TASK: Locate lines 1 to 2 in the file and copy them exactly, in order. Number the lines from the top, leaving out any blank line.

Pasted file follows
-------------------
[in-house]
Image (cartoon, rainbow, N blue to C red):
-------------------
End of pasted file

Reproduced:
[in-house]
Image (cartoon, rainbow, N blue to C red):